In November, millions of Taylor Swift fans logged on to Ticketmaster to grab tickets for her 2023 tour. However, the site crashed, rendering verified users unable to purchase. Ticketmaster's parent company, Live Nation, explained that while 1.5 million people had signed up as legit customers, over 14 million hit the site when tickets went on sale – many of which were bots.
Live Nation president and CFO Joe Berchtold told the Senate Judiciary Committee on Tuesday that the company "learned valuable lessons" from the Swift debacle. Three senators shoehorned in Taylor Swift quotes into their statements and questions – which I loved.
Berchtold called for Congress to expand the BOTS Act to "increase enforcement." Democratic Senator Richard Blumenthal reminded Berchtold there are already legal options for going after scalpers using bots to procure tickets. "You have unlimited power to go to court," Blumenthal said. "Your approach seems to be that everyone else is responsible here."
– Mat Smith
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NASA and DARPA will test nuclear engines for crewed missions to Mars
The agencies hope to demonstrate the tech as soon as 2027.
NASA is teaming up with the Defense Advanced Research Projects Agency (DARPA) to test a nuclear thermal rocket engine in space, to use the technology for crewed missions to the red planet. The agencies hope to "demonstrate advanced nuclear thermal propulsion technology as soon as 2027," NASA administrator Bill Nelson said. "With the help of this new technology, astronauts could journey to and from deep space faster than ever – a major capability to prepare for crewed missions to Mars." There are, of course, risks involved with NTP engines, such as the possible dispersal of radioactive material in the environment should a failure occur in the atmosphere or orbit. Nevertheless, NASA says the faster transit times NTP engines can enable could lower the risk to astronauts – they could reduce travel times to Mars by up to a quarter. Nuclear thermal rockets could be at least three times more efficient than conventional chemical propulsion methods.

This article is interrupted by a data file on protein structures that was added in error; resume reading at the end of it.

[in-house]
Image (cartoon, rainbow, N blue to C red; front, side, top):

Amazon's RxPass offers Prime members generic medications for $5 a month
It has medications for 80 common health conditions.
Amazon has launched a new subscription service for customers in the US to get as many eligible medications as they need for $5 a month. The new service, called RxPass, is part of the e-commerce giant's Pharmacy business, which launched in 2020 as a two-day prescription drug delivery service. RxPass is a $5 add-on for Prime, which sets users back $139 a year or $15 a month in the US. Customers will need to pay $5 out of pocket, since the service does not take insurance, like Amazon Pharmacy does, for purchases outside of the program. People enrolled in Medicare, Medicaid and any other government healthcare program will not be able to sign up for RxPass, either.
‘Forspoken’ review: A magical world with several cracks
Fluid battles, uneven plot.
In Forspoken, you control the agile, angry Frey, slinging elemental attacks (and f-bombs) at multiple monsters before leaping off a cliff face and swinging from a molten outcrop. You keep moving, through the lands of Athia, through the adventure, because it's enjoyable and satisfying, but also because when you slow down, you start to see the cracks. Delayed twice, while the fighting system is generally solid, Forspoken has a lot of sub-quest padding, and most of it's pretty dull.
WhatsApp's native Mac app beta is now available to all
It's optimized to run fast and efficiently on Mac hardware.
Mac users now have a native version of WhatsApp. The new app is optimized for Mac hardware and built with Mac Catalyst, so it should be faster and more efficient than the current web-wrapped Electron version. You also get a new interface with three panels to easily flip between chats, calls, archived and starred messages, while seeing contacts and interactions at a glance.